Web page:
[Book] American Methodism: A Compact History (Chapter 2: Reforming the Continent and Spreading Scriptural Holiness)

I’m currently reading American Methodism: A Compact History by Russell Richey, Kenneth Rowe and Jean Miller Schmidt. In recent posts, I looked at the book’s Introduction and Chapter 1. Today’s post looks at Chapter 2 and reforming of the continent and the spread of scriptural holiness.’

Reform

From 1792-1816, Methodism wrestled with issues of identity. While the issues were many, and while they were wrestled with in a myriad of ways, to get a sense of the identity issues facing Methodism at this stage of her development, we need look no further than the Christmas Conference and the decision of the 1800 General Conference to ordain black local deacons.

The Christmas Conference

On December 24th, 1784, there was ‘a preachers-only assembly, effectively a constitutional convention known as the Christmas Conference.’1 The conference, held in Otterbein’s Lovely Lane Chapel, accomplished a great deal. Wesley’s ‘Large Minutes’ were edited and adapted, yielding the first Discipline. The group settled upon a new name, the Methodist Episcopal Church.

While these changes were important and noteworthy, it was the group’s ability to effectively forecast the future of religion in America that proved to be of greatest significance. Anticipating what was to come, the group resolved to embrace disestablishment, proposed an eventual break with European headquarters, and institute voluntarism.2 The break with European headquarters would not occur right away, however. In fact, in response to the proposal, the conference determined to ‘explicitly [concede] final authority to Wesley.’3 What is more, they would agree to accept ‘Wesley’s plan for the church, in principle if not in every detail.’4

At the same time, however, the body made some rather key decisions that would eventually lead to a uniquely North American Methodist experience. For instance, the conference resolve to make decisions by debate and majority rule. It was a decision that seemed rather minor, yet it effectively paved the way for future conferences to revise, alter, adapt and/or reject Wesley’s ‘Large Minutes.’ Additionally, the Christmas Conference determined to add ‘a rubric on U.S. political autonomy’ to the Articles of Religion,5 thus Americanizing the document. Furthermore,  the conference selected elders and provided for the election of superintendents––decisions that further evidenced the establishment of a more Americanized form of Methodism.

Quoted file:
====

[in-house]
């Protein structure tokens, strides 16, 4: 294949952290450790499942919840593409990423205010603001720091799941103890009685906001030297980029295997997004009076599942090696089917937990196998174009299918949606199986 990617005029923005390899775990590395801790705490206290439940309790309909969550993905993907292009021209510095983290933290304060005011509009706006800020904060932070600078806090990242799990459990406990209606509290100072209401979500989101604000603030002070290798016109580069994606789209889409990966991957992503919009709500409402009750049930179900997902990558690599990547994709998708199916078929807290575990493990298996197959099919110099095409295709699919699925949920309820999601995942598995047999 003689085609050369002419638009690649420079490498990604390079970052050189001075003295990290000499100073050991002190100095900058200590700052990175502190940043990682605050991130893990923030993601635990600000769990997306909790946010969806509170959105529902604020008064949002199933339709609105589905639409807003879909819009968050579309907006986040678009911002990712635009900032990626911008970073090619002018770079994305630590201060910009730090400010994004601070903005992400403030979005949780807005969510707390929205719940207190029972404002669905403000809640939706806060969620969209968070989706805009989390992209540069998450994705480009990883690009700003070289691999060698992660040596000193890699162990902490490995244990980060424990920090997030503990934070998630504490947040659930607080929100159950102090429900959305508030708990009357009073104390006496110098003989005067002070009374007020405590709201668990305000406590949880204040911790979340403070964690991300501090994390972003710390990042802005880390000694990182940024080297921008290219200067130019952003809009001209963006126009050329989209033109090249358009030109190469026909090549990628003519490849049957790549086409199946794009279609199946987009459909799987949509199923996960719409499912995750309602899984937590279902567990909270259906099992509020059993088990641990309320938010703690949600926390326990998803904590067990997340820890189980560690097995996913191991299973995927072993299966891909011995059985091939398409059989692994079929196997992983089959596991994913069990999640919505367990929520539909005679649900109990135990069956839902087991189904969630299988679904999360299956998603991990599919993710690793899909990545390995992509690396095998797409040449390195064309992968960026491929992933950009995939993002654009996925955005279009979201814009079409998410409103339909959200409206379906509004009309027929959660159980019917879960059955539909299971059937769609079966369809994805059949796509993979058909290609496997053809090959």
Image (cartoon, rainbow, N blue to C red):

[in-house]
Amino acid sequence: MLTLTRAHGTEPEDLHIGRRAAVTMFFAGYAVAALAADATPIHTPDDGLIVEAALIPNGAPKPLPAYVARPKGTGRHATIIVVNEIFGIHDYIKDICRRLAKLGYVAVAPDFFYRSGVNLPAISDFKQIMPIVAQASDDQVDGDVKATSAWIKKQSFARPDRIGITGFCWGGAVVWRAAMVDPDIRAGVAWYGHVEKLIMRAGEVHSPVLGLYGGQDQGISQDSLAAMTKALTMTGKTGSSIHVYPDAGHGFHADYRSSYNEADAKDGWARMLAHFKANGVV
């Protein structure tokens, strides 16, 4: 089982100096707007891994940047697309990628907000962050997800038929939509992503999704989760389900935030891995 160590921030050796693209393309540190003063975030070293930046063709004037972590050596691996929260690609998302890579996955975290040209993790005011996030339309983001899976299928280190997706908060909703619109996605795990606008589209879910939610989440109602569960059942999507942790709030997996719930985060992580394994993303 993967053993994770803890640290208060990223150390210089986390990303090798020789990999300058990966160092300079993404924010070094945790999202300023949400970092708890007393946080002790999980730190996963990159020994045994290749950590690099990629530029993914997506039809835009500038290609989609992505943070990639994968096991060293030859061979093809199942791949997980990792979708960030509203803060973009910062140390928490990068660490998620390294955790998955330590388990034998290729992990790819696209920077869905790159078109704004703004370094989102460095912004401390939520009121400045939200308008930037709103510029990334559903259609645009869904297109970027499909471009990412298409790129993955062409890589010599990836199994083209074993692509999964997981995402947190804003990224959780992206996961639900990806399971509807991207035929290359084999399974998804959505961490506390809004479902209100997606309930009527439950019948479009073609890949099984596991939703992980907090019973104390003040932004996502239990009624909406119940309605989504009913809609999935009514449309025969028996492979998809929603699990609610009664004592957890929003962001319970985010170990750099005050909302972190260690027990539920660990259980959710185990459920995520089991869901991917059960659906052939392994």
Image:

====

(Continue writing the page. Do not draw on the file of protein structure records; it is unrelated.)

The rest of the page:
Issues of Race

Methodists remained staunch in their anti-slavery affirmation. However, with Methodism thriving in both the North and (slave-holding) South, things were anything but easy and clear-cut. For instance, while Methodists opposed slavery and confronted slaveowners, Methodists classes remained segregated. Additionally, black chapels were established and separate cemeteries established.6 In short, there was often a disconnect between stated Methodist values and reality.

Despite the disconnect, new African American leaders emerged. Consequently, the General Conference of 1800, ’empowered bishops to ordain Black local deacons.’7 On one hand, it was clearly a step forward. On the other, however, it was further evidence of the disconnect, because while the bishops were empowered to perform said ordinations, at the same time: 1) the Conference did not include a provision for this in the Discipline and, 2) the African American leaders were required to function under white elders. Eventually, this would lead some Black Methodists to split with the Methodist Episcopal Church to form the African Methodist Episcopal Church, in 1816.

The Spread of Scriptural Holiness

Alongside the many reforms of this period is an equally important development: the spread of scriptural holiness. While in some sense linked to matters of race and gender, the spread of scriptural holiness is inextricably linked to the development of the camp meeting. Camp meetings were not unique to Methodism, but they were adapted to Methodist life, for Methodism’s purposes. A clear example of this is the close association between camp meetings and the quarterly meetings of the Methodists. To wit, the authors note, ‘Once the camp meeting emerged and had the church’s blessing, routinely and for several decades, quarterly conferences across the whole church voted to hold one of their warm-weather sessions as a camp meeting.’8

 

Footnotes

  1.  Russell Richey, Kenneth Rowe and Jean Miller Schmidt, American Methodism: A Compact History (Nashville: Abingdon Press, 2010), 27.
  2. Richey, et al., American Methodism: A Compact History, 27.
  3.  Richey, et al., American Methodism: A Compact History, 28.
  4.  Richey, et al., American Methodism: A Compact History, 28.
  5.  Richey, et al., American Methodism: A Compact History, 28.
  6.  Richey, et al., American Methodism: A Compact History, 31.
  7. Richey, et al., American Methodism: A Compact History, 44.
  8.  Richey, et al., American Methodism: A Compact History, 42. Incidentally, in 1802, Francis Asbury ‘directed Methodism’s leaders to establish camp meetings in connection with annual conferences (Richey, et al., American Methodism: A Compact History, 42).’
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